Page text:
On 14 January Google published a blog post announcing its acquisition of Pointy, a start-up based in Dublin, Ireland, that lets bricks-and-mortar stores make their products discoverable online.

GlobalData technology editor Lucy Ingham comments: “The deal, which is subject to the typical closing conditions, is expected to be completed within the next few weeks. While neither company has disclosed financial terms, TechCrunch is reporting that the acquisition has seen Google pay €147-million to bring Pointy into its fold.

“For Google, this provides the opportunity to present shopping search results for physical stores as well as those online – something it already does in a limited capacity – and so significantly increase the value of Google Shopping for users.

“However, while this is a significant step in bridging the divide between brick-and-mortar stores and the online e-commerce world, the acquisition has the potential to be even more impactful.

“The acquisition of Pointy is a significant step for Google, because it provides the search engine giant with a way to cheaply and easily catalogue physical assets on a large, yet decentralised scale.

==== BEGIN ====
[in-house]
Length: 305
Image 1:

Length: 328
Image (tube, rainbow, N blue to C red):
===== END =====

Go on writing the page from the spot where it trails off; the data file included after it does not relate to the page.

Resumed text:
“Shopping is undoubtedly the leading use case, and Google will likely be looking at ways to expand the adoption of Pointy. This may include dropping or reducing the current one-time cost of £699 to integrate Pointy, or even getting leading point-of-sale manufacturers to directly integrate the technology into their products.

“If Google can increase the prevalence of Pointy enough, it could ultimately have coverage of physical stores to rival those of digital stores, bringing with it a potential step-change in how people shop.

“However, there are also potential applications beyond e-commerce. What Google has bought, in essence, is a means to catalogue real-world items, and the same technology in the Pointy Box could be put to use in many other fields.

“Potential applications could include medicines, enabling Google to collect data on gluts and shortages of particular items and use this to provide industry-targeted services, inform users or even assist its own moves into the healthcare space.”